With less than two weeks until Election Day, millions of people are getting ready to cast their ballot at polling places across the United States. This year’s election may feel particularly stressful, not only because it’s a high-stakes presidential election, but because we’re still in the grips of a pandemic.
The good news is that safe practices have been in place for a while now, aimed at keeping people safe as they do everything from shopping and attending school to eating out and traveling. With so many people about to go to the polls, the Centers for Disease Control and Prevention issued guidelines all the way back in June to help protect voters from COVID-19.
Many of the CDC’s guidelines are centered on poll workers and the set up of polling places. Poll workers should be educated about self-monitoring COVID-19 symptoms and are encouraged to stay home if they’ve been directly exposed to someone who has tested positive for the virus.
As for the poll locations, they should be stocked up on hand sanitizer in high-interaction areas, such as check-in, the actual voting booths and near the exits. And, finally, poll workers should also be wearing masks, practicing social distancing and regularly washing their hands throughout their shift.
But, what can you do to stay safer when going out to vote? There are some steps everyone can take to help minimize the risk of contracting COVID-19.
One great option for keeping your exposure level lower as you cast your ballot is to vote early, if possible. You can go to USA.gov to find out where you are supposed to vote and when the polls are open before and on Election Day. By voting early, you could avoid the longer lines that will likely be seen on election day.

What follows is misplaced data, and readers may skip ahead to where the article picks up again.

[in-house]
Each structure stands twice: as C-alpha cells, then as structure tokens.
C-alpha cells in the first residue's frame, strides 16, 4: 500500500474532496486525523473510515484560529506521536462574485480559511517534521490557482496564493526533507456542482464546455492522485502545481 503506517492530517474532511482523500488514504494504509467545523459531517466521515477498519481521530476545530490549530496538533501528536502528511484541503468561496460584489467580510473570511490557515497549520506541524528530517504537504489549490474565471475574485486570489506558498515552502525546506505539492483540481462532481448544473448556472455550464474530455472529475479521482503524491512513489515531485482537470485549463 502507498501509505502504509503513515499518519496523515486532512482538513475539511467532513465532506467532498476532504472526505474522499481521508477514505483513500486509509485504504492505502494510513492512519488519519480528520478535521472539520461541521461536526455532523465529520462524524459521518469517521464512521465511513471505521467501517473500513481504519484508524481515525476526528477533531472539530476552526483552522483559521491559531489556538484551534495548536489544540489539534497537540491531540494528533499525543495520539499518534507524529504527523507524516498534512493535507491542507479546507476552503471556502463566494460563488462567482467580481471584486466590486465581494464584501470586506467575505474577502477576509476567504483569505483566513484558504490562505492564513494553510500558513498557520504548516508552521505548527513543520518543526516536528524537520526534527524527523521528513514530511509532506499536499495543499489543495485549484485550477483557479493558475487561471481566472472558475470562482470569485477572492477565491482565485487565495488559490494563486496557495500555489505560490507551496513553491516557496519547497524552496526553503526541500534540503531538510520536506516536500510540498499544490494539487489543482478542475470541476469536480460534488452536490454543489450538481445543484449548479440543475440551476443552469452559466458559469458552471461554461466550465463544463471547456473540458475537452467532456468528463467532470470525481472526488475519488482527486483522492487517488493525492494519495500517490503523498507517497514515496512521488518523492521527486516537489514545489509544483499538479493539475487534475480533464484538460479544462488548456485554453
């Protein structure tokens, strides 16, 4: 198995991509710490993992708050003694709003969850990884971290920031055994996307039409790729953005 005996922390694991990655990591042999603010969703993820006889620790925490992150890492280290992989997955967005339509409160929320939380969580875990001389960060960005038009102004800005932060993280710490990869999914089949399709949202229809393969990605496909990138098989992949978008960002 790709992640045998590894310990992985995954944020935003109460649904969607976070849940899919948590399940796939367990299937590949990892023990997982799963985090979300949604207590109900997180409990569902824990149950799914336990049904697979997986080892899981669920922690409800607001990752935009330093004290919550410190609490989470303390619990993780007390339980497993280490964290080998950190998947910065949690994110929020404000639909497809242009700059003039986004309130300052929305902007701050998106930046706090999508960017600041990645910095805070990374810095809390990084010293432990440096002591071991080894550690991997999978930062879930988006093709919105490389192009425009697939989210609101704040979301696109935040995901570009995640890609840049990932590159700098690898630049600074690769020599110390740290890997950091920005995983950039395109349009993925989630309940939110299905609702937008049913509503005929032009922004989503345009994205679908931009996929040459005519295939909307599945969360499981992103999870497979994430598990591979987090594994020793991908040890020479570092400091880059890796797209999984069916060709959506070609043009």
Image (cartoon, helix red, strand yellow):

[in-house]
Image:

Wear A Mask And Keep Your Distance
If you are in a long line at your polling place, make sure to wear a mask, and stay socially distant. Even early voters are experiencing long waits in some states, such as Georgia. Don’t get complacent during your wait. Keep the mask on and stay at least 6 feet away from others who are not in your party, even if they are also wearing a mask.
Carry Hand Sanitizer
It’s getting easier to find hand sanitizer in the stores, so pick up some extra before Election Day and bring a bottle with you. Make sure it has at least 60% alcohol content to be effective. If no hand sanitizer is available at the polling place, make sure to use it after contact with other people, pens and any other common items and areas.
These simple steps can help keep you healthy and give you a little more peace of mind while you go out on Election Day and cast your ballot.